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US Navy commander says ready for nuclear strike on China if Trump ordered

US Pacific Fleet Commander Admiral Scott Swift addresses an Australian National University security conference in Canberra, Australia Thursday, July 27, 2017. (AP Photo)

The commander of US naval forces in the Pacific Ocean has warned he would launch a nuclear attack against China "next week" if ordered by President Donald Trump.

Admiral Scott Swift, the commander of the US Pacific Fleet, made the remarks on Thursday at a security conference at the Australian National University in the Australian capital of Canberra.

"The answer would be yes," he said, when responding to a hypothetical question about whether he would be prepared to launch a nuclear attack on China next week if ordered to do so by Trump.  

Swift said that all members of the US military had sworn an oath to obey officers and the US president as commander in chief to defend the constitution.

Pacific Fleet spokesman Captain Charlie Brown later said Swift was addressing the principle of civilian authority of the military and his answer was based on an "outrageous hypothetical" question.

"Frankly, the premise of the question was ridiculous," he said. "It was posed as an outrageous hypothetical, but the admiral simply took it as an opportunity to say the fact is that we have civilian control of the military and we abide by that principle."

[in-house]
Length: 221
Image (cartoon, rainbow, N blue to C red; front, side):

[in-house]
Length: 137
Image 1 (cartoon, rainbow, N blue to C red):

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Last month, the US and Australia held a biennial military exercise off the Australian coast involving 36 warships, 220 aircraft and 33,000 military personnel.

The drills were monitored by a Chinese military intelligence-gathering ship from within Australia's 200-mile exclusive economic zone.

Washington and Beijing enjoy strong economic ties, despite frequent strains about jobs, trade, currencies, human rights, Tibet, North Korea, and the South China Sea.

Swift’s remarks came at a time of rising tensions between China and the US over the disputed South China Sea.

Earlier this month, the US sent two bombers over the waters, coming just a few months after it sent a warship to carry out a maneuvering drill within 12 nautical miles of one of China's artificial islands.

Beijing has repeatedly denounced efforts by countries from outside the region to get involved in the South China Sea dispute.

The US has long sought to limit China’s growing maritime influence in the sea, over most of which Beijing claims sovereignty.

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